Just before Jesus gives the Parable of the Unforgiving Servant in Matthew 18:21-35, Peter comes to Him and asks how often he should forgive a sinning brother. ...
God's forgiveness of us is directly tied to our forgiveness of those who have sinned against us! We must reciprocate God's forgiveness by forgiving others.
God has 'soft' virtues, which most churches proclaim loudly and often, and 'hard' ones, which get little attention. God has having a range of character traits.
Martin Collins, assessing Paul's admonition that God's people be imitators of God (Ephesians 5:1-2), acknowledges that God possesses three non-transmittable attributes: omnipotence (being all-powerful), omnipresence (existing everywhere at once), and omni. . .
The serious Christian looks on this ever-declining world—a world that reflects the rebellious, anti-God attitudes of Satan the Devil—and wonders how anyone can truly live by faith. Some may even begin to doubt that God is in control of events h. . .
As everyone knows, Scripture takes a very dim and stern view of sin because it is failure to live up to God's standard and destroys relationships, especially our relationship with God. After identifying the types and levels of sin, John Ritenbaugh suggests. . .
Many use Colossians 2:14 to 'prove' God's law is done away, but is this really what Paul means? Examining the whole counsel of God reveals Paul's intent.
Offenses and sins against us are unfortunately common. Jesus teaches us how to deal with them in this parable, focusing on our attitude of forgiveness because of being forgiven ourselves.
Under the Old Covenant, the Day of Atonement was the only day during the year when the high priest entered into the Holy of Holies. On that day, he sprinkled the blood of a sin offering ...
Even though our sins are forgiven when we come under Christ's blood, a stipulation of that forgiveness is that we also forgive others. ...
Austin Del Castillo maintains that the reason we are here is to learn our part in God's plan to reconcile the whole of mankind to Himself. We need to get to know God in order that we feel like Him, think like Him, and act like Him. Without Jesus Christ's a. . .
Clyde Finklea, reflecting on Joseph Felix's book Lord Have Murphy, a humorous analysis of Murphy's Law, asserts that it is impossible to become perfect without having mercy or compassion. The parable of the good Samaritan provided a exemplary model for dev. . .
When Jesus declared His purpose to the Jews in Nazareth (Luke 4:18-19), the theme of His comments focused on liberty so that humanity can be reconciled and at-one with God. Austin Del Castillo posits that we human beings tend to work at cross-purposes to G. . .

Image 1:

Why does it mean to observe the Passover in a worthy manner? It is not about works. It begins with realizing the depth of our sin, yet our focus must go beyond this.
John Ritenbaugh reiterates that chapter 18 provides instructions to how to get along in the church. Jesus teaches a parable contrasting the enormity of what we are forgiven to what we forgive others. Our forgiveness by God is directly connected with our fo. . .
Martin Collins, citing Ephesians 4:29-32, warns against corrupt, bitter, and wrathful communication, a practice which may grieve or attenuate God's Spirit. We have the tendency to nurse or harbor grievances and bitterness, souring our outlook on everything. . .
When God calls us and redeems us through the sacrifice of His Son Jesus Christ, we suddenly come under obligation—a debt we cannot pay. John Ritenbaugh pursues what this means to us as we continue on our Christian walk toward God's Kingdom.
Sin and human nature affect everyone in society—from king to commoner—but God has covered sin from every angle in the sacrifice of His Son, fulfilling Leviticus 4-5.
In this message on the definition of grace, John Ritenbaugh insists that God has never acted unjustly to any one of us, even one time. It is utterly impossible for Him to do so. Through the parables, we learn that our forgiveness by God is directly linked . . .
God put up with the foibles of Abraham, Samson, David, Job, and others, allowing them time to repent and build character. We need to develop this godly trait.
The healing of the paralytic is a remarkable event. Significantly, Jesus honors the faith of the paralytic's friends who lowered him through the roof.
The sin offering is the first of the non-sweet-savor offerings in Leviticus. John Ritenbaugh explains the atonement made through Jesus' perfect offering of Himself for us—and our obligations to Him as a result.
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